The Charlatans' singer Tim Burgess has made a rather startling revelation in his new autobiography, Telling Stories.
The Charlatans‘ singer Tim Burgess has made a rather startling revelation in his new autobiography, Telling Stories.
The book, which is described as a “frank and vivid memoir” by its publishers, promises tales of rock’n’roll excess and it certainly offers that, especially with one particular revelation.
Part way through, Burgess casually reveals that he and his bandmates used to indulge in offering each other ‘Manhattan-powdered doughnuts’. For the uninitiated, that’s not New York-specific snack, but the practice of blowing cocaine up each others’ arses.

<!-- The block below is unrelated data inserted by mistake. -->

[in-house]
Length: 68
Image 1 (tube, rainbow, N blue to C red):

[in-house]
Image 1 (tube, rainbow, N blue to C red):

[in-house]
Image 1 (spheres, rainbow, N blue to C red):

He writes: “We discovered the process of blowing coke up each others’ arses. There, I have said it. It’s not like we invented the practice, but I realise now it’s not an everyday thing for most people.”
Burgess then goes on to placate libel lawyers by assuring the general public that the whole band did not take part and also smashes that age old cliché that it’s better to give than receive.
He continues: “Not every member of The Charlatans took part in this highly-charged ritual, which has been described as having ‘a Manhattan-powdered doughnut’. I was a giver and receiver. They say giving is better than receiving, but believe me, in this case the giving is not that great.”
No wonder, then, that Burgess named his limited-edition breakfast cereal ‘Totes Amazeballs’ rather than ‘Manhattan Powdered Doughnuts’. The book is published next Thursday (April 26).